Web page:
Before you squish, swat or spray be sure you're not destroying useful insects. Use the photos and life-sized silhouettes in this guide to help you to recognize some of the beneficial insects that live in your own backyard.
leafcutter bee (Megachile sp.)
While some municipalities allow urban beekeeping, Edmonton's Animal Licensing and Control Bylaw allows honey bees to be kept in any agricultural zone (AG, AGU, AGI) only, and prohibits them from being kept in any other zone. Citizens can check specific zone information for Edmonton by using the interactive zoning map.
Permission may be granted for bees to be kept outside of agricultural zones for special situations, for example, temporary circumstances where bees are kept under strictly controlled conditions for educational purposes. A citizen who wishes to apply for such permission is required to submit to City Bylaw Services a written application outlining their request, with supporting information outlining why it would be in the public interest to provide for an exception to the prohibition.
Honey bees however, aren't the only bees that pollinate plants in your yard. Our general interest in backyard beneficial insects is directed towards less social species of bees and wasps, such as solitary leafcutter bees and aphid wasps, that are less threatening to the public. Pollinator blocks to attract these beneficials are an area we are looking into to support greater pollinator biodiversity and natural pest biocontrols in the backyard.
How to make a pollinator blockStart with a solid block of wood such as a round of firewood, 25 cm (10 in) in diameter or larger, which has been split in half. Make a number of holes in the split face of the block. The holes can range in size from 3-11 mm ( 1/8-7/16 in) in diameter, and as deep as the drill bit will allow. The holes should not be too close together, about 2-3 cm (1 inch) or so apart. Drill as many holes as will easily fit on the block. You can also drill holes in a stump or a post stuck in the ground.
You can nail a plank onto the top of the block with 3-6 cm (1-2 in) sticking over the top the face with the holes, this will protect the holes from rain. A few species will only use blocks with this form of protection, but other species are less fussy. Place the block in some out-of-the-way part of your yard. You will probably get best results if you put the block out in the spring, but any time will work. Do not move your block once it has been positioned as the insects use landmarks to return to their hole.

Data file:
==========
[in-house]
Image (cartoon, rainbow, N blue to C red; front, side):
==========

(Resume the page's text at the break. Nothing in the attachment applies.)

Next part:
What insects will use the pollinator block?
The holes in the pollinator block will likely be used by two broad categories of insects: solitary wasps, and solitary bees. Don’t worry, these insects are not aggressive like social wasps or bees can be. They are capable of stinging but you have to pick them up and handle them to get stung.
Both of these types of insects will stuff the holes with enough food to bring one larva to maturity. They will then lay a single egg on that food, and use some type of material to seal the food and the larva in its protected cell. They will repeat this procedure until the hole is full of cells. A solitary bee will stuff its cells with pollen. A solitary wasp will stuff its cells with insects or spiders that have been paralyzed, but not killed by a sting of the wasp.
In either case, a larva will hatch and feed on the food left by its mother. When it has consumed the entire larder, it will change into a pupa, which will in turn change into an adult. If the adult is a male it will mate then die. If it is a female it will find a new wormhole, or pollinator block, and repeat the work of its mother.
Both solitary wasps and solitary bees are useful and interesting to have in your yard. Solitary bees will pollinate your fruits, vegetables, and ornamentals as they go about collecting pollen. Solitary wasps will hunt for bugs in your yard, in many cases they hunt for bugs that you don’t want. Different wasps specialize in hunting for different types of prey. Some hunt aphids, some stink bugs, some caterpillars, others prefer spiders or flies.
Please tell us if your your block gets usedWe're very interested in learning whether your block was used or not. Please let us know at firstname.lastname@example.org. You can tell if a hole is in use because, the end of the hole will be plugged with some material like mud, leaves or silk. You can also keep an eye on the block over the summer and observe the wasps or bees as they provision their cells. If you like you can provide additional information. For example, a brief description of where in your yard you positioned the block. How many holes are in use? Is any size of hole not used or used particularly heavily? What material did the critters use to plug the holes? Or anything else you may have observed.
Aphid wasp (Passaloecus monilicornis)